Beetles, by far, comprise the largest insect order. They are EVERYWHERE with close to half a million species that make up around 25% of all known animals! What you see here is a tiny collection of beetles from one walk. Many of them are too small for me to get a good focus on with my camera.
Basically, beetles are beautiful!
The Bee Gallery
Who doesn’t love a bee? Another member of the order Hymenoptera and suborder Apocrita, just likes wasps. As mentioned, bees are actually evolved from wasps.
They evolved alongside flowering plants, a form of co-evolution, around 100 million years ago.
Most bees show some kind of society, with the most famous bees, of course, being eusocial and living in hives as large units. However around 10% of bees are solitary species such as mining bees, mason bees, carpenter bees etc.
Their value as pollinators has never really been in question. Humans have valued bees for thousands of years and apiculture – the keeping of bees to harvest their honey – is just as old. Jars of cultivated honey have been found in Ancient Egyptian tombs and it is believed the practice dates back around 9,000-10,000 years.
It is safe to say that bees are one of the most important groups of insects to human life, society and culture.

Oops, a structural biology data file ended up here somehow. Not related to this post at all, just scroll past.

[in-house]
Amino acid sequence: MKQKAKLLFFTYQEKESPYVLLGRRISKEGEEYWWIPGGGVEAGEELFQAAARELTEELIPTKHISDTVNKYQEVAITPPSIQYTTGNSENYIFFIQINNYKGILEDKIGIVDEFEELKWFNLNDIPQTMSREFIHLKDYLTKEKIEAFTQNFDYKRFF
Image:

The Fly Gallery
Behind wasps, flies probably have the worst reputation. Considered dirty, a nuisance and a pest flies are actually massively diverse, numerous and ecologically important.
They are members of the order Diptera, literally ‘two-wings’. From the slim and slender mosquitos and crane flies, through house flies and dung flies, all the way up to Gauromydas heros, the largest known fly that can be up to 7cm in length with a 10cm wingspan! Flies are remarkable.
Many of us dislike them buzzing around our faces and creating maggots in our bins but this role, as decomposers, helps us break down our waste and recycle the nutrients into the soil. Without these valuable services, funnily enough, conditions would be perfect for more disease! So whilst we associate flies with being ‘dirty’ – their roles in dealing with our waste help make our world cleaner!
What’s more a specific fly, Drosophila melanogaster, the common fruit fly, has been so important in research of genetics, evolution and heritability that they’ve more than paid for any problems they may cause many times over! Thanks to its relatively short generational time, small and quickly processed genome and the fact that many of its genes have analogues in higher organisms, like yeast, mice and rats it has become one of our model organisms for genetics research.
Remember that next time you want to have a go at flies.
Miscellaneous Gallery (Spiders, Moths, Caterpillars, Snails etc.)
There are so many invertebrates and types of invertebrate that not all of them can have a specific section!
The invertebrate world really is a wonderfully diverse space and the fact that it is in your hedgerows and at the bottom of your gardens is all the more reason to get out there, explore it, learn about it and find some amazing stuff.
These are plants and members of the family Orchidaceae. I am blessed where I live that I get to see many of these orchids flowering where they are rarer in other parts of the country.
Diversity of plants and flowers like this equals a diversity of insect and invertebrate life.